Saturday, June 06, 2009

Alister McGrath on Understated Tritheism in the Cappadocians

The notable writer Alister McGrath (a Trinitarian himself) writes concerning the Cappadocian notion of God in three persons:

"We are asked to imagine three human beings. Each of
them is distinct; yet share a common humanity. So it
is with the trinity: There are three distinct persons,
yet with a common divine nature. When all is said and
done, this analogy leads directly to understated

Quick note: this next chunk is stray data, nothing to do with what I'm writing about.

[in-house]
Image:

tritheism. Yet the treatise in which Gregory of Nyssa
develops this analogy is entitled That There Are Not
Three Gods! In fact, Gregory develops his analogy with
a degree of sophistication which blunts the prima
facie charge of tritheism; however, even the most
studious reader of the work is often left with the
lingering impression of three distinct independent
entities within the trinity" (Christian Theology: An
Introduction, page 302).

No comments: